• Likely requires a contract, so we will be tied to a single host for 1-2 years. I tend to like to avoid this type of commitment as
  • Research is required to find an appropriate host may be extensive.
  • No console/physical access to our server. If something goes wrong it could be difficult to diagnose and fix.

Option 2 - Run a dedicated server/connection

Pros:
  • Easy management. In the past, managing a server that is in a datacenter has had it's issues. Mostly when I bring it down and can't bring it back up again!
  • Local backups are easy, fast and do not sap our performance.
  • We can get a significantly more powerful server to help handle load and growth.
  • Monthly costs are lower - I estimate half of a typical hosted service.

Cons:
  • Initial capital outlay required for new server. I estimate that a decent server will cost us $1,500, though more research is required on my part.
  • Hardware maintenance - if something goes wrong, we need to fix it.
  • A local fast connection is required, with good upload/download speeds. Bell FiberOP may fit the bill here, but is only now being rolled out to my area.
  • Uptime could be an issue; luckily I still have a 2200 VA UPS to help keep things going, at least for a short time.

These lists are far from exhaustive, and are meant more as preliminary notes at this stage.
Of these two options, I would go with option 2.  The kicker for me was this:
If something goes wrong it could be difficult to diagnose and fix.

Hardware maintenance - if something goes wrong, we need to fix it.

I would change the second into a "pro" and restate is this:  if something goes wrong, we can fix it.

 

GAP

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Not if he's away....server's are backed up using Raid, etc. to reduce data loss.
 

2010newbie

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I've used this company before and they were always reliable and cost-effective.

http://www.bluegenesis.ca/

 

agc

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I'm certainly no expert, but you might wish to investigate Amazon EC2. http://aws.amazon.com/ec2/pricing/
 

Gunner98

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Mike,

Wouldn't an option be to close the shop and go hunting, fishing and spend time with your family?  Think of the free time you and the rest of us would have.  Just sayin'! >:D
 

Zoomie

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I still fixated on the part where Mike mentions that we only currently use 100GB/month of the allowable 1800GB/month.  I don't think the Mods can use the whole bandwidth argument anymore - new rule for the server - don't use the SEARCH function.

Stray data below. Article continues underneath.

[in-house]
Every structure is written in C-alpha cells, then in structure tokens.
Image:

armyvern

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Zoomie said:
I still fixated on the part where Mike mentions that we only currently use 100GB/month of the allowable 1800GB/month.  I don't think the Mods can use the whole bandwidth argument anymore - new rule for the server - don't use the SEARCH function.

Yeah, but that was way back when I was a mod too. Mike was running off his server vice the virtual and we all used to scream, "Mike, come back off vacation dammit!!" Uhhmmmm, good old days.  >:D
 

PuckChaser

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I really think an offsite host is going to be the best option here. They will have the racks, the backups, and the connection. Your post was cut off, what is the reasoning behind not wanting a 1 year contract?
 

captloadie

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The offsite option, if with a reliable company, should be the best option. Yes, having everything in house is nice, but in this case, it is literally in house (Mike's that is). If Mike is away, and things go pear shaped, what happens? If Mike finally realizes that there is more than just Milnet.ca to life, what happens then?

An offsite option should give Mike more flexibility, like assigning other trusted users access to do admin functions when he is away, and the ability to hand over the keys forever, if he ever wants to. It also means that if for some reason a legal issue arose that required the servers be taken into custody, he doesn't have his personal space invaded. (Alright, this last one is out there, but ehh, who knows what the man who's name shall not be mentioned on this site might do.)

My  :2c:
 

Mike Bobbitt

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Thanks guys, I appreciate the feedback. All good points and will be considered. Keep the feedback coming!

2010newbie said:
I've used this company before and they were always reliable and cost-effective.

http://www.bluegenesis.ca/

Thanks, I hadn't head of Blue Genesis. They look like a decent hosting company, but I'm pretty fussy about our needs. Specifically, I don't want a shared account on a server, I prefer to have full control (insert maniacal laugh here). It looks like Blue Genesis doesn't give me my own server with root and console access to mould in my own image. Do you know what their throughput is like? (I.E. how much simultaneous traffic they can support; their actual speed provisioned to users?)